AJCC, American Joint Committee on Cancer; MM, malignant melanoma.

    Source: Zwald et al.5

  • -

    Finally, in relation to patients in whom melanoma is diagnosed after transplant, an increase in the incidence of melanoma is known to exist in transplant patients. Garret et al studied 10,649 transplant patients and found a melanoma incidence of 125 per 100,000 people/year, compared to between 9 and 18 per 100,000 people/year in the general population. Those authors identified advanced age, Caucasian race, male sex, and having received a thoracic organ as risk factors.6 Ascha et al identified use of sirolimus and cyclosporin as immunosuppressants among the risk factors for melanoma in patients who had undergone a kidney transplant. The mean time between transplant and diagnosis of melanoma was 1.45 years,7 which was less than in our series. The outcome of post-transplant melanoma appears to be determined by the thickness of the tumor on diagnosis and is similar to that of the general population when the Breslow thickness is 1.5 mm or less.4,8 None of our patients presented a Breslow thickness of greater than 1.5 mm. It is important to point out that, although the change from immunosuppressant therapy to mTOR inhibitors is associated with a lower incidence of skin cancer, the antitumor effect of these agents for melanoma alone has only been shown in mouse models.9

In conclusion, in our study, we observed no mortality due to melanoma in patients with post-transplant melanoma, although 1 patient developed a recurrence of the disease and another patient presented metastatic disease at the time of diagnosis. This study is a descriptive, retrospective, observational study and the existence of an association may be fortuitous. We aim to provoke reflection on a circumstance that is rare, but which is of transcendent importance to the life of the patient, as malignant melanoma may be an event that leads to a life change, but denying an organ transplant is a death sentence.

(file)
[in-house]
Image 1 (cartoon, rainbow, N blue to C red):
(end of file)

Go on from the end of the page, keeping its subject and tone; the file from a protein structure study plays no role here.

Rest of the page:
Conflict of interests

The authors declare that they have no conflict of interest.

Acknowledgments

The authors would like to thank Elsa Fernández Rubio of the Endocrinology Department and Santiago Rodríguez Tejedor of the Hospital Universitario Cruces Documentation Archive and Management Control Department.

References
[1]
I. Escandell, J.M. Martín, E. Jordá.
Novedades en inmunología del melanoma.
Actas Dermosifiliogr., 108 (2017), pp. 708-720
[2]
M. Džambová, Z. Sečníková, A. Jiráková, K. Jůzlová, O. Viklický, L. Hošková, et al.
Malignant melanoma in organ transplant recipients: incidence, outcomes, and management: a review of literatura.
Dermatol Ther., 29 (2016), pp. 64-68
[3]
S.T. Arron, A.K. Raymond, E.L. Yanik, D. Castenson, C.E. McCulloch, C.A. Clarke, et al.
Melanoma outcomes in transplant recipients with pretransplant melanoma.
Dermatol Surg., 42 (2016), pp. 157-166
[4]
R.N. Matin, D. Mesher, C.M. Proby, J.M. McGregor, J.N. BouwesBavinck, V. del Marmol, et al.
Melanoma in organ transplant recipients: clinicopathological features and outcome in 100 cases.
Am J Transplant., 8 (2008), pp. 1891-1900
[5]
F. Zwald, J. Leitenberger, N. Zeitouni, S. Soon, J. Brewer, S. Arron, et al.
Recommendations for Solid Organ Transplantation for Transplant Candidates with a Pretransplant Diagnosis of Cutaneous Squamous Cell Carcinoma, Merkel Cell Carcinoma and Melanoma: A Consensus Opinion from the International Transplant Skin Cancer Collaborative (ITSCC).
Am J Transplant., 16 (2016), pp. 407-413
[6]
G.L. Garrett, P.D. Blanc, J. Boscardin, A.A. Lloyd, R.L. Ahmed, T. Anthony, et al.
Incidence of and risk factors for skin cancer in organ transplant recipients in the United States.
JAMA Dermatol., 153 (2017), pp. 296-303
[7]
M. Ascha, M.S. Ascha, J. Tanenbaum, J.S. Bordeaux.
Risk factors for melanoma in renal transplant recipients.
JAMA Dermatol., 153 (2017), pp. 1130-1136
[8]
J.D. Brewer, L.J. Christenson, A.L. Weaver, D.C. Dapprich, R.H. Weenig, K.K. Lim, et al.
Malignant melanoma in solid transplant recipients: Collection of database cases and comparison with surveillance, epidemiology, and end results data for outcome analysis.
Arch Dermatol., 147 (2011), pp. 790-796
[9]
G.E. Koehl, J. Andrassy, M. Guba, S. Richter, A. Kroemer, M.N. Scherer, et al.
Rapamycin protects allografts from rejection while simultaneously attacking tumors in immunosuppressed mice.
Transplantation., 77 (2004), pp. 1319-1326

Please cite this article as: Esteban Terradillos S, Gardeazabal García J. Melanoma y trasplante: serie de casos. Actas Dermosifiliogr. 2021;112:193–194.

Idiomas
Actas Dermo-Sifiliográficas (English Edition)

Subscribe to our newsletter

Article options
Tools
es en

¿Es usted profesional sanitario apto para prescribir o dispensar medicamentos?

Are you a health professional able to prescribe or dispense drugs?